Release Date: Aug 21, 2015
Record label: Fantasy
Before Nathaniel Rateliff put together his new soul band the Night Sweats, the Denver musician was regarded as a latter-day folk singer on the fringes of Mumford & Sons’ neo-roots revival. Given his music, the designation was understandable, but it was also incomplete. Rateliff’s songs on a pair of solo albums were often built around fingerpicked acoustic guitar and showcased his voice, a startling instrument given to volatile swings from a resonant murmur to massive surges of emotion.
If you’re confident enough to name check Sam & Dave and Otis Redding as your influences, then you’d better have the tunes and the voice to make good with even the flimsiest of comparisons. Unbelievably, Nathaniel Rateliff has pulled off something quite remarkable with his latest album, and has come up with a contemporary record that sounds as bold and exciting as the classic releases on Stax and Atlantic that inspired him. Most importantly, he’s remembered that in order to make a truly convincing soul album, you really need to have soul by the bucket load.
Songwriter Nathaniel Rateliff established himself as a critically celebrated folksy Americana singer/songwriter on 2010's In Memory of Loss, his Rounder Records debut. Though he played in straight-ahead rock & roll bands before then, his independent releases since have been of intimate, poignant, and pensive songs. Until now. This self-titled offering on Stax is a hard-swinging, house-rocking affair that draws heavily on vintage R&B, soul, and proto rock & roll.
From unsigned folker to Stax recording artist, Nathaniel Rateliff has taken the long road to recognition. Growing up in rural Missouri, he had a television with one channel; he didn’t have a phone; his family ate venison and foods from their garden. His simple life changed when his father died in a car accident on the way to church, and a young Rateliff was forced to quit school and go to work.
Some artists undergo reinventions. What Nathaniel Rateliff accomplishes on his first LP with the Night Sweats — transforming himself from folk troubadour to funky soul bandleader — is a revelation. Rateliff comes on like Van Morrison fronting Booker T. & the MG's, reviving the glory days of his label, Stax.
Nathaniel Rateliff & the Night SweatsNathaniel Rateliff & the Night Sweats(Stax)Rating: 3 out of 5 stars It’s safe to say that even diehard cult fans of Nathaniel Rateliff’s two previous introspective, acoustic based singer/songwriter albums didn’t expect him to be fronting a pounding, rollicking, horn-propelled soul revue for his third full length release. Whether the abrupt change in approach came about by an artistic epiphany or Rateliff just felt this was a better way to draw attention to his talents isn’t clear. Either way with a bevy of positive press and a recent high profile performance on the Tonight Show, it’s working.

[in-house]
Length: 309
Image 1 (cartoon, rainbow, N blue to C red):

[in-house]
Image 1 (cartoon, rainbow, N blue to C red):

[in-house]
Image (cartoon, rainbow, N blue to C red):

Having made the entirely sensible decision to buck up his rather run-of-the-mill Americana with a sassy new band and a shot of brass, Denver songwriter Rateliff finds his move validated by a release on venerable label Stax. If his fourth album doesn’t quite live up to that pedigree, its rootsy take on soul – swigging deep from the spirit of Van Morrison and the E Street Band and ending up in a warm O-Dexys-Where-Art-Thou fug – is rambunctiously satisfying, powered by knee-slappingly solid songwriting on the likes of the sweetly swinging Howling at Nothing, and, as in SOB’s declaration of “If I can’t get clean, I’m gonna drink my life away”, real hollering heart. .
Nathaniel Rateliff’s evolution from earnest Americana act to rock/soul revivalist finds the Denver singer move from a whimper to a roar by recruiting a superb six-piece soul band. The beefed-up bluesy guitars, trilling pianos and surging horns have given him the confidence to unleash a lifetime of fury and frustration: on the standout SOB he hollers, “Son of a bitch, give me a drink!” with mad determination, and Howling at Nothing’s fight for a lover’s honesty fires up the sort of guttural, red-faced sincerity that’ll have Jools scrambling for the phone. Aside from Snake, which brings to mind Paolo Nutini slumped at the back of a strip club, the album is full of the ghosts of songwriting greats like Otis Redding, Chuck Berry and Van Morrison, and sounds like it should establish Rateliff as the breakneck bar brawler of the new soul movement.
Henry Yates on new releases from Nathaniel Rateliff & The Night Sweats, Malted Milk & Toni Green, Geoff Everett, Erja Lyytinen and Dave Alvin & Phil Alvin Nathaniel Rateliff & The Night Sweats Call it a happy accident. When Colorado folkie Nathaniel Rateliff came off the road from 2013’s strummy Falling Faster Than You Can Run, he started writing tooth-rattling, throat-shredding soul cuts “just for the hell of it”. Eleven songs later, he had a set strong enough for Stax to pick it up.